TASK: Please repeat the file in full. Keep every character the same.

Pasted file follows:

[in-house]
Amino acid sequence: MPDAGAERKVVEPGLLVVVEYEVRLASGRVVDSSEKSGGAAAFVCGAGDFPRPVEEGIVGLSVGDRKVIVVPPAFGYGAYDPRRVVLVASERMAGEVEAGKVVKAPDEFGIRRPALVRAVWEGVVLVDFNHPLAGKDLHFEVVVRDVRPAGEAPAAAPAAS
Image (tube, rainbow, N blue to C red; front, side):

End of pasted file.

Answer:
[in-house]
Amino acid sequence: MPDAGAERKVVEPGLLVVVEYEVRLASGRVVDSSEKSGGAAAFVCGAGDFPRPVEEGIVGLSVGDRKVIVVPPAFGYGAYDPRRVVLVASERMAGEVEAGKVVKAPDEFGIRRPALVRAVWEGVVLVDFNHPLAGKDLHFEVVVRDVRPAGEAPAAAPAAS
Image (tube, rainbow, N blue to C red; front, side):